Hollow City by Ransom Briggs

Ransom Riggs – Hollow City
The blurb:Miss Peregrine’s Home for Peculiar Children was the surprise best seller of 2011—an unprecedented mix of YA fantasy and vintage photography that enthralled readers and critics alike. Publishers Weekly called it “an enjoyable, eccentric read, distinguished by well-developed characters, a believable Welsh setting, and some very creepy monsters.”

This second novel begins in 1940, immediately after the first book ended. Having escaped Miss Peregrine’s island by the skin of their teeth, Jacob and his new friends must journey to London, the peculiar capital of the world. Along the way, they encounter new allies, a menagerie of peculiar animals, and other unexpected surprises.

Complete with dozens of newly discovered (and thoroughly mesmerizing) vintage photographs, this new adventure will delight readers of all ages.

My rating: 4/5
Tagged: fantasy, paranormal, young-adult
Date I started this book: 13/01/2016
Date I finished this book 16/01/2016

What did I think? The mixture of photos and novel is one of the things I loved in Miss Peregrine’s Home for Peculiar Children and this book is no different from the first. The book picks up right where the last one left off and consists of the group continuing there journey. The mix of humour, excitement and adventure is just right in this book, which makes the story progress and flow well.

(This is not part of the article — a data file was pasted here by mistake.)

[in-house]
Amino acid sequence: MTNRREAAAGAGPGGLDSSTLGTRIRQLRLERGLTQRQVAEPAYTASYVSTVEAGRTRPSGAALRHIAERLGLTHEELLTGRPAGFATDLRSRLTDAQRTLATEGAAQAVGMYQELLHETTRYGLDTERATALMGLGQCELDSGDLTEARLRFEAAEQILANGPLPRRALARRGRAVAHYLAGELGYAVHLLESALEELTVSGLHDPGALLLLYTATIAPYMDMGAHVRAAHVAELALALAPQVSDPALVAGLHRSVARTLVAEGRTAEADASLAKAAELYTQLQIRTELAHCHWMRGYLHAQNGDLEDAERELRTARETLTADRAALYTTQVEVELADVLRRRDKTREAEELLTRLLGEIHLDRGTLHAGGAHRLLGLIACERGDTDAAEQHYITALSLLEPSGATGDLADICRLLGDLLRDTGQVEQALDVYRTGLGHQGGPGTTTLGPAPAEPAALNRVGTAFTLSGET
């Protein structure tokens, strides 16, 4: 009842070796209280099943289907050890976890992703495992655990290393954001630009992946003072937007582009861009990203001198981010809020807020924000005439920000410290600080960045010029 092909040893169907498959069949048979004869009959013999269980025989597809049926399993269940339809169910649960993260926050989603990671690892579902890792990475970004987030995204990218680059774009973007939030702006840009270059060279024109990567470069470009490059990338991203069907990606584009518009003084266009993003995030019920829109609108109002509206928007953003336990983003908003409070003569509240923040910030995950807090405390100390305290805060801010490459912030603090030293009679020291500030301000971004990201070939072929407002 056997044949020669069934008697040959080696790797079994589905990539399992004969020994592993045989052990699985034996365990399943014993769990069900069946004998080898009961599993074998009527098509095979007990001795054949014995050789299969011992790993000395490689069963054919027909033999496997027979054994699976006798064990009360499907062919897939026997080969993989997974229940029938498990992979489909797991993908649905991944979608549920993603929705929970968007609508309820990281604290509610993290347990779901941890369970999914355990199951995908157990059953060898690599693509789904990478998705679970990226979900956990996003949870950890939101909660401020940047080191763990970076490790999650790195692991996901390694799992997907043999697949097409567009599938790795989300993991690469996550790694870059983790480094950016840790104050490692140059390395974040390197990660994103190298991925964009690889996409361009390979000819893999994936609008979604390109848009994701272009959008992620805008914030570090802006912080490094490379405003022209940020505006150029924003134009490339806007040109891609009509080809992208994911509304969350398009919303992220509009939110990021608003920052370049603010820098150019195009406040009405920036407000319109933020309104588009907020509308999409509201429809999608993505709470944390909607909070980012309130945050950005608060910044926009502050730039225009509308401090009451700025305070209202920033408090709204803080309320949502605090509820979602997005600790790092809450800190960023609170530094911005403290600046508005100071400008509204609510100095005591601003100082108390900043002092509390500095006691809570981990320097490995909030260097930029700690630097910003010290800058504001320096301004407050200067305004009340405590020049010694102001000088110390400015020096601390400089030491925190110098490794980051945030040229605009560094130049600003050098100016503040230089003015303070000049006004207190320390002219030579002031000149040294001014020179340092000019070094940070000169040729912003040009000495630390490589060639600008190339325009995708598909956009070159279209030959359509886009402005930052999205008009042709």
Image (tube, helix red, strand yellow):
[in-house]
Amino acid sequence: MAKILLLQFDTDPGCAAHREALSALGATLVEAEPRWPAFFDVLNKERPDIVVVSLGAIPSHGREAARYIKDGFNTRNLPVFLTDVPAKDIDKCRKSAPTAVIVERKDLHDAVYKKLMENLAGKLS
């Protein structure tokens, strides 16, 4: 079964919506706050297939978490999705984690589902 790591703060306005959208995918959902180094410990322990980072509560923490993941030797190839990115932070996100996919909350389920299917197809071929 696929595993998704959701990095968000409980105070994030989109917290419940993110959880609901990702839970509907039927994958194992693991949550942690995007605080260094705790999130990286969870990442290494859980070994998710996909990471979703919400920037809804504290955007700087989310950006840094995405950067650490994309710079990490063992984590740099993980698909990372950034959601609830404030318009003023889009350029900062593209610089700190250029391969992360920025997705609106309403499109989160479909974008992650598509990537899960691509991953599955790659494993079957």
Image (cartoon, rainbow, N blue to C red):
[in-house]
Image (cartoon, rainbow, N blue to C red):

Although this book has all the familiar characters from the first novel it also introduces enough new characters to keep the story refreshing and exciting. I have to say if there was any criticism I felt there were not as many pictures in this book than the first. However, this may have been my perception. I have always wondered whether the author fits the story to the pictures of the pictures to the story.

The ending of the book is a real cliff hanger and I’m moving straight on to the third one! A very good second book in the trilogy.

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2 thoughts on “Hollow City by Ransom Briggs

  1. I really want to read this series! It’s nearly impossible to buy here (Australia) for a decent price and reviews suggest reading it on a Kindle doesn’t give you anywhere near the full affect. Maybe One day I’ll buy a physical copy 🙂

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